The properties of moulded synthetic thermoplastic parts can be significantly improved when they are irradiated with electrons after they are shaped. In this way, cheaper technical plastics such as polyamide (PA) can achieve properties, which come near to those of expensive, high-performance plastics.
The energy of accelerated electrons activates plastic molecules to combine with each other in this method. Single macromolecules, which normally can pass each other, are linked in a three-dimensional network (cross-linking). The structure thus created improves the thermal, mechanical and chemical properties of the plastic, for example stability, when used continuously in high surrounding temperatures, or resistance to abrasion.
For radiation cross-linking, a cross-linking additive is first added to the polymers. The cross-linking of the polymer, which already contains the cross-linking additive, then undergoes shaping, which takes place during the injection moulding process for example. For this, the injection moulder packs the parts up after shaping and sends them to an irradiation company, which irradiates the parts in their packaging. This incurs additional transport times and costs.
A more efficient variation would be to partly cross-link the plastic granulates before they are processed in such a way so that they can be processed afterwards as usual per injection moulding into shaped parts on the one hand, and on the other hand already displaying the typical properties of cross-linked thermoplastics. This variation has already been able to be successfully tried out for the mass plastic polypropylene (PP).
Following these results, the research project »PA-X-Granulates« is to examine whether the route of partial cross-linking granulates, before they are moulded, can also be transferred to the impact-toughened (resistant to the impact of blows and shocks) technical plastic polyamides (PA). Only the impact modifier, which is finely dispersed in the polyamide, is to be cross-linked in the PA-X-Granulate project, whilst the polyamide is not cross-linked. (subsequently this is referred to as »selective cross-linking«).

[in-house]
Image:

In the joint project »PA-X-Granulates«, experts at the Fraunhofer Institute for Microstructure of Materials and Systems in Halle (Saale) and the Fraunhofer Pilot Plant Center for Polymer Synthesis and Processing PAZ in Schkopau - in close collaboration with the associated project partners Herotron-E-Beam-Service GmbH in Bitterfeld-Wolfen, Expinos GmbH in Merseburg and qtec Kunststofftechnik GmbH in Gernrode - want to gain a basic understanding of the cross-linking behaviour of commercially available impact modifiers as well as their selective cross-linking impact in modified polyamides.
After the selection of suitable types of polyamides, impact modifiers and cross-linking additives, a systematic investigation of the compounding of the materials is to be carried out (the preparation of plastics through mixing-in fillers or additives) with regards to the impact of irradiation conditions for impact modified polyamide granulates at Herotron as well with regards to their processing behaviour in the injection moulding and the injection moulding compounding processes DCIM. The new DCIM injection moulding compounding technology, developed by Exipnos, combines the hitherto separately running processing steps of compounding and injection moulding into a one-step process operation. The project is to examine what impact the one-step DCIM process has in comparison to the two-step compounding process in the first and in the second separate step injection moulding stage. The supplier to the automobile industry, qtec, makes injection-moulded components as demonstrators with a serial tool using the new material.
The material characterisation, which includes determining thermo-physical and mechanical properties as well as parameter identification of workability for injection moulding, is carried out at Fraunhofer IMWS. A database for the new material is to be built up for a sound understanding of the connection between manufacture, microstructural property relationships and mechanical failure behaviour. This provides potential end users with the building blocks, which support them in their selection of starting materials and process parameters during manufacture.
The research, which runs until 30th September 2019, opens up the possibility of manufacturing tailored products with properties that cannot be achieved with commercially impact-modified polyamides.